What was hard about mum dying was that she never admitted her condition was terminal. The only time she came close to alluding to her death was when she turned to me shortly before she died and said: “You’ll write to my friends and tell them about, well, you know, won’t you?” which I did but none of them bothered replying.
Dad nursed mum right through her last days with the support of the Silver Chain hospice care. She seemed bright and breezy on her birthday on the 19th September and again was bright when I visited on the morning of 21st. But in the afternoon Dad phoned and said she’d deteriorated rapidly and her death was imminent.
I drove down to Rockingham and found Mum fighting for every breath. She would inhale and breathe out and each time we’d think it was the last breath. I was able to give her a cuddle but her torment was appalling. I know other relatives of cancer sufferers will say the same as me, that a lovely person like my mum didn’t deserve the awful death she suffered. It wasn’t until around 7.30 that the Silver Chain gave her some morphine to ease her pain, she fell asleep and then slipped into a coma. Finally, just after midnight, she took her final breath and was at last at peace.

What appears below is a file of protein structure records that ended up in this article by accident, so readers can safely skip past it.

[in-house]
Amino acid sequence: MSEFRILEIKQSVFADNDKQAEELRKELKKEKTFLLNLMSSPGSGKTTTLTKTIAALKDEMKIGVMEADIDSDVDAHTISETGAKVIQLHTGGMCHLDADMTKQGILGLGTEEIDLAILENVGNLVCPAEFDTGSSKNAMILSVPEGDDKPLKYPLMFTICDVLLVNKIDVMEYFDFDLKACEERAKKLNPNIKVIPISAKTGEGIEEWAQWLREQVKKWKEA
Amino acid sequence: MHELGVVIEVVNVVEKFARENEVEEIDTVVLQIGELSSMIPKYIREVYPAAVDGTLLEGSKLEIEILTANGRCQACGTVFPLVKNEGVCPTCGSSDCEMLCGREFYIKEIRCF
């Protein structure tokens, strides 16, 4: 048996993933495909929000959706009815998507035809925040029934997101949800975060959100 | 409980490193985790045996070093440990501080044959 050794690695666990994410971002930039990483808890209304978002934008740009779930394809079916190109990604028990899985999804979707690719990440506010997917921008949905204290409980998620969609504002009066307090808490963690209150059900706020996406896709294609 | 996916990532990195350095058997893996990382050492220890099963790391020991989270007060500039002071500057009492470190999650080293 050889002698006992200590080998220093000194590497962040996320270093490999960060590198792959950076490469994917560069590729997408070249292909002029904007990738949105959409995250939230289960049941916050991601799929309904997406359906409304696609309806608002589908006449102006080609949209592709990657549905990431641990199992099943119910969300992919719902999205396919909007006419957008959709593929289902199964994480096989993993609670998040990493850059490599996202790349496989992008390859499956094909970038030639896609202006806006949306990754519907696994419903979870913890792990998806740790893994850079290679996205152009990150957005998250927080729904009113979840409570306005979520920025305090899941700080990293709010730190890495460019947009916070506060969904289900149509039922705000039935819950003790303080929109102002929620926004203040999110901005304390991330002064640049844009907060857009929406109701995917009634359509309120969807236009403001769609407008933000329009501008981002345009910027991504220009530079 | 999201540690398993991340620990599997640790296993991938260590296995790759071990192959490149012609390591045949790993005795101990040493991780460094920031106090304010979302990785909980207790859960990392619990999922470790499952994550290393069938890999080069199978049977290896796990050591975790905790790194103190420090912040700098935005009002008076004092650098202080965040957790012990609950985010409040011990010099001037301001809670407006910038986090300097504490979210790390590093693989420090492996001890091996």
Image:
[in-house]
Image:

A huge storm was passing through Rockingham and Perth that night, but an angel from the Silver Chain braved the filthy weather, came out to us, washed mum’s body with my help, and we dressed her in a lovely dress she had adored. The funeral home came for her body just at dawn and it was when I saw her being wheeled away that I finally broke down and started crying. I remember being doubled up with grief and Dad saying: “Cry all you want, love. I wish I could do the same”. I cried all the way home and I guess didn’t stop until late in the evening.
And with Mum’s death, the intermediary and peace-keeper between myself and my father had disappeared. I found that people didn’t want to talk about death and dying and losing your mother, and felt incredibly lonely and beside myself with grief and no-one to share it with. So I decided to see a psychologist and it was one of the best things I’ve done because not only could I talk about loss, the issues between myself and my father began to surface and I began to work on healing those issues.